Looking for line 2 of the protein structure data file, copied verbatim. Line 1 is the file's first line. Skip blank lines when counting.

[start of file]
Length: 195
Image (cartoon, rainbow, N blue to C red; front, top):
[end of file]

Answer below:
Image (cartoon, rainbow, N blue to C red; front, top):